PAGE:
UT researcher in Memphis working tirelessly on coronavirus drug

By , Daily Memphian Updated: March 11, 2020 8:01 AM CT | Published: March 10, 2020 12:39 PM CT

Editor’s note: Due to the serious public health implications associated with COVID-19, The Daily Memphian is making our coronavirus coverage accessible to all readers — no subscription needed.

In several weeks, it’s possible Dr. Colleen Jonsson will have identified compounds that stop coronavirus.

The next step will be working with colleagues at the University of Tennessee Health Science Center in Memphis to create antiviral drugs to head off the virus wreaking havoc around the globe.


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If the compounds are already approved by the FDA, “that will short-circuit a lot of the preclinical testing that we have to do,” said Jonsson, who holds the Van Vleet Chair of Excellence in Virology at UTHSC. She’s also the director of the Institute for the Study of Host-Pathogen Systems and head of the regional biocontainment on campus.

The work is happening in the containment lab, a 10,000-square-foot space where Jonsson and her colleagues work in PAPRs, large, battery-operated masks that slip down over the shoulders and include a breathing tube, blower and particle filters.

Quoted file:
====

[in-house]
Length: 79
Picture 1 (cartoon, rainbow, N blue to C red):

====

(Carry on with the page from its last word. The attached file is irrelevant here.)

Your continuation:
The project is in partnership with the Oak Ridge National Laboratory. It is sending Jonsson names of compounds it has found that bind with the virus in simulations.

If they bind, they stop the virus from reproducing.

Dr. Jeremy Smith, director of the Center for Molecular Biophysics, a partnership between the University of Tennessee-Knoxville and Oak Ridge National Laboratory, has identified 53 compounds that look promising. Jonsson has 75 others, based on her decades of experience.

“We’ll start with, say hundreds, and then we’ll move to thousands. And if we need to, we’ll move to tens of thousands,” she said. “And if we don’t find anything, we’ll just keep screening.”

Since early February, Smith has screened 8,000 compounds, or drugs that have been approved by various countries, herbal medicines, natural products and other compounds known to be safe, he said.

“We’ll expand the database,” he said. “There are millions of chemicals out there that could be tested.”

The calculations are done on the supercomputer called Summit at Oak Ridge National Lab, allowing Smith and his team in one day to do what would take months on smaller systems.

Jonsson then orders the compounds, joking Tuesday morning that they were in her online cart, if she could just get time to place the order.

The most visible part of her work happens in a clear plastic card that holds 384 tiny wells. In each well, Jonsson infects cells with the live coronavirus and then adds one of the compounds.

“We have ways to measure the amount of virus left in the well. So, basically, we look for protection of the cells from the virus by the drug. The more protected, the more color there is,” she said.